Journal Article

A dynamic model of plant growth with interactions between development and functional mechanisms to study plant structural plasticity related to trophic competition

A. Mathieu, P. H. Cournède, V. Letort, D. Barthélémy and P. de Reffye

in Annals of Botany

Published on behalf of The Annals of Botany Company

Volume 103, issue 8, pages 1173-1186
Published in print June 2009 | ISSN: 0305-7364
Published online March 2009 | e-ISSN: 1095-8290 | DOI: http://dx.doi.org/10.1093/aob/mcp054
A dynamic model of plant growth with interactions between development and functional mechanisms to study plant structural plasticity related to trophic competition

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  • Ecology and Conservation
  • Evolutionary Biology
  • Plant Sciences and Forestry

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Background and Aims

The strong influence of environment and functioning on plant organogenesis has been well documented by botanists but is poorly reproduced in most functional–structural models. In this context, a model of interactions is proposed between plant organogenesis and plant functional mechanisms.

Methods

The GreenLab model derived from AMAP models was used. Organogenetic rules give the plant architecture, which defines an interconnected network of organs. The plant is considered as a collection of interacting ‘sinks’ that compete for the allocation of photosynthates coming from ‘sources’. A single variable characteristic of the balance between sources and sinks during plant growth controls different events in plant development, such as the number of branches or the fruit load.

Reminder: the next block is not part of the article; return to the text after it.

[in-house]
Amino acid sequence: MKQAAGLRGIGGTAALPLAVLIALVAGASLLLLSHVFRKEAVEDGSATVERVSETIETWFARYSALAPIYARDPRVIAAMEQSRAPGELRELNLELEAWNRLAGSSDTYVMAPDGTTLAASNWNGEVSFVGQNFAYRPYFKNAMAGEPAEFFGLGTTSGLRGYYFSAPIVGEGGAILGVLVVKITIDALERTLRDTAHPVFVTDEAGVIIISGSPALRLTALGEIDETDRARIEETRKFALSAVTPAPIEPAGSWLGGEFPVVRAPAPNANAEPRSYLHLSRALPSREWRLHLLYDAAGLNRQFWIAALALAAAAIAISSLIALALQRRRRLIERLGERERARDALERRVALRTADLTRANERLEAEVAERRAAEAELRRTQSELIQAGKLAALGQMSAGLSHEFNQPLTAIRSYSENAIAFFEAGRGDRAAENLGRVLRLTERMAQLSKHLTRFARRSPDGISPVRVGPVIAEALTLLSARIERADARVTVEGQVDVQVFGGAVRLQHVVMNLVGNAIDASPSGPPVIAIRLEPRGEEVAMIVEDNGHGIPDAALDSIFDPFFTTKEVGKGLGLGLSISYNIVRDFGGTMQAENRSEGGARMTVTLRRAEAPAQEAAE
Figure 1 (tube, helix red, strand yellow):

Key Results

Variations in the environmental parameters related to light and density induce changes in plant morphogenesis. Architecture appears as the dynamic result of this balance, and plant plasticity expresses itself very simply at different levels: appearance of branches and reiteration, number of organs, fructification and adaptation of ecophysiological characteristics.

Conclusions

The modelling framework serves as a tool for theoretical botany to explore the emergence of specific morphological and architectural patterns and can help to understand plant phenotypic plasticity and its strategy in response to environmental changes.

Keywords: Trophic plasticity; plant growth; functional–structural models; dynamic system; interactions; GreenLab

Journal Article.  9041 words.  Illustrated.

Subjects: Ecology and Conservation ; Evolutionary Biology ; Plant Sciences and Forestry

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